How soon is now?
Published in last Saturday's Age and The Sydney Morning Herald, Andrew Riemer’s review of The Best Australian Poems 2013 is a blink-and-miss-it generalisation about the way language is locally shaped.
Firstly, I must declare that I am one of the poets represented in the anthology. I don’t wish to review Riemer’s review; but it seems impossible to point out its critical shortcomings without doing so. A cropped and functional summary of the Black Inc Best Australian series of 2013, his review is about all that could be expected from the bizarre editorial decision to address three anthologies in one go. The unfortunate product, however, is an unexamined statement about poetry here and now.
Riemer’s main point is that the anthology’s “poems are isolated utterances, remote, in a way, from notions of literary or poetic traditions.” While he carefully explains that this is an observation rather than a tacit criticism, Riemer rehearses a tired view of the abstraction of language: apart from an aging, male generation of lyric poets, we are amidst a “zeitgeist” of linguistic play in which “few seek to disclose an individual perspective on the world”. It’s not that Riemer is wrong in his observation of “isolated utterance”—just forty years late. It makes you feel as if the National Gallery of Australia had only just bought Blue Poles.
Seriously, when are we going to accept that poetry, like painting and music, may represent “patterns of utterance” rather than figurative lines? Riemer seems to suggest that poems that “do not yield sense in conventional discursive or grammatical terms” are so radical that they escape “literary or poetic tradition”.
What about the established traditions of postmodern poetry? It’s a pretty stunning oversight by the Herald’s chief book reviewer. Riemer does not offer any examples until the final words of his review; as such, we have to question whether abstraction is, in fact, the most significant binding quality of Lisa Gorton’s purposeful editorial selection in this anthology. And if Riemer is inadvertently identifying a local Language poetry tradition, as he seems to be, then there are many facets of such a tradition—good and bad—that may be illustrated by this anthology. A longer, more singularly focused review would have allowed him to do so.
I don’t disagree with Riemer’s concern—albeit a cliché—about poems that “seem to cultivate obscurity for its own sake”; but the question of language and local voices deserves deeper consideration. The poetry represented by this anthology is no more “isolated” or “remote” than any other nationally-defined scene, if it’s partly driven by the influence of transnational tradition.
Furthermore, if criticism ignores the relationship between poetry written in Australia and correlative literary traditions in the modern English-speaking world, it has little hope of properly considering how contemporary local poetry comprises its own multifaceted tradition, ancient and modern, streaming in through various linguistic, political and cultural forces. This is particularly urgent with regard to the rather astonishing conclu-sion to Riemer’s review.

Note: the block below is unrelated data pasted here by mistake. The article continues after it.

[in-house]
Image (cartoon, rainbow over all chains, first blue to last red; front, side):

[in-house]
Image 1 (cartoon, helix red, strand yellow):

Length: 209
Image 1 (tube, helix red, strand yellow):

Sadly, the single quotation that Riemer chooses to evidence his reading not only reiterates its oversight, but either ignorantly or diligently avoids acknowledging what might be significant about postcolonial poetry that breaks English “meaning”:
Bravery captors medal heroism circulate mission leftovers
Bravery tracks the saddle that throws sad off backs as
Honour full bloods across country's rescues …
Reproducing these lines from Lionel Fogarty’s poem “Induct True Legendary Thrills Bravery”, Riemer does so “anonymously, in accordance with the editor's reluctance to name names”. Fogarty delivers truly radical poetry and a powerful Indigenous aesthetic; the meaning of his poetry and its treatment of English as “meaningless” are inextricably bound together.
Tim Wright’s review of Fogarty’s latest collection provides a very good recent discussion of this duality. It’s impossible that Riemer would not himself have noticed Fogarty’s name at the bottom of the poem or read his biographical note, and therefore reconsidered or at the very least extended his presentation of “the opening lines of a vivid, unsettling but, in the strictest sense of the term, meaningless poem”. To close the review without doing so is disingenuous at best—troublingly deceptive at worst.
If, as the byline of Riemer’s review suggests, this anthology offers “glimpses of the spiritual state of the nation”, someone had better let Riemer know that Fogarty’s “meaningless” poetry attempts to offer more than a glimpse: it rallies to make poetry a social and spiritual event.
With a deeper review, Riemer might have considered what meaninglessness can mean; how the tone and line of this voice relates to others in the anthology; whether or not he feels that its treatment of grammatical sense is successful in addressing the poem’s heavily political imagery and content; and so on. As a senior critic he has both the privilege and skill to explore this discussion with a weekend newspaper audience.
I intend to consider some of the complex questions raised by Wright’s review of Fogarty, in a forthcoming post. Meanwhile, perhaps it’s time that literary editors and critics stopped treating this anthology series with all the weight of a re-gifted Christmas g-string.